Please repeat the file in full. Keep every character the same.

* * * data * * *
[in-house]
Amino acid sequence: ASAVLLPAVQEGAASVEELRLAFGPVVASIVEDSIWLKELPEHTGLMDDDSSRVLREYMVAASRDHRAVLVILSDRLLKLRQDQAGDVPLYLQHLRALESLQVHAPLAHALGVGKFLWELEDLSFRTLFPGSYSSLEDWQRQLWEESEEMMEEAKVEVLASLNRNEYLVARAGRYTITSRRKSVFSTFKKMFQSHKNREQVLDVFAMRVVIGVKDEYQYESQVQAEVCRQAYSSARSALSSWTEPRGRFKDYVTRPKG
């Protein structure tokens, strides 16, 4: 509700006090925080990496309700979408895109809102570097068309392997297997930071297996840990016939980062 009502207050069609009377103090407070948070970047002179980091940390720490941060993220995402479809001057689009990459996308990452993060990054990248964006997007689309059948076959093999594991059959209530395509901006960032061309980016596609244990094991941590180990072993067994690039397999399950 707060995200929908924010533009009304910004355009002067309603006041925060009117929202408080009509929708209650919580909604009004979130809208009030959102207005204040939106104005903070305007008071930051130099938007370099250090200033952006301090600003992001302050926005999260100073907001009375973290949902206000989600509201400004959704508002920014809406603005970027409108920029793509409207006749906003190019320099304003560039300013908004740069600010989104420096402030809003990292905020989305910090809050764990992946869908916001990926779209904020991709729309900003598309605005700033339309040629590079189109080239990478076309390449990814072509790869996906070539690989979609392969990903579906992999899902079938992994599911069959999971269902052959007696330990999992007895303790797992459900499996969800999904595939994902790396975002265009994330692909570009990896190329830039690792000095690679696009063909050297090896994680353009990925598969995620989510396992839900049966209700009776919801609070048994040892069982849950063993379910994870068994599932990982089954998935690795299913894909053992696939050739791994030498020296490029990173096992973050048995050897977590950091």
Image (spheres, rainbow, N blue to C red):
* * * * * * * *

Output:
[in-house]
Amino acid sequence: ASAVLLPAVQEGAASVEELRLAFGPVVASIVEDSIWLKELPEHTGLMDDDSSRVLREYMVAASRDHRAVLVILSDRLLKLRQDQAGDVPLYLQHLRALESLQVHAPLAHALGVGKFLWELEDLSFRTLFPGSYSSLEDWQRQLWEESEEMMEEAKVEVLASLNRNEYLVARAGRYTITSRRKSVFSTFKKMFQSHKNREQVLDVFAMRVVIGVKDEYQYESQVQAEVCRQAYSSARSALSSWTEPRGRFKDYVTRPKG
């Protein structure tokens, strides 16, 4: 509700006090925080990496309700979408895109809102570097068309392997297997930071297996840990016939980062 009502207050069609009377103090407070948070970047002179980091940390720490941060993220995402479809001057689009990459996308990452993060990054990248964006997007689309059948076959093999594991059959209530395509901006960032061309980016596609244990094991941590180990072993067994690039397999399950 707060995200929908924010533009009304910004355009002067309603006041925060009117929202408080009509929708209650919580909604009004979130809208009030959102207005204040939106104005903070305007008071930051130099938007370099250090200033952006301090600003992001302050926005999260100073907001009375973290949902206000989600509201400004959704508002920014809406603005970027409108920029793509409207006749906003190019320099304003560039300013908004740069600010989104420096402030809003990292905020989305910090809050764990992946869908916001990926779209904020991709729309900003598309605005700033339309040629590079189109080239990478076309390449990814072509790869996906070539690989979609392969990903579906992999899902079938992994599911069959999971269902052959007696330990999992007895303790797992459900499996969800999904595939994902790396975002265009994330692909570009990896190329830039690792000095690679696009063909050297090896994680353009990925598969995620989510396992839900049966209700009776919801609070048994040892069982849950063993379910994870068994599932990982089954998935690795299913894909053992696939050739791994030498020296490029990173096992973050048995050897977590950091």
Image (spheres, rainbow, N blue to C red):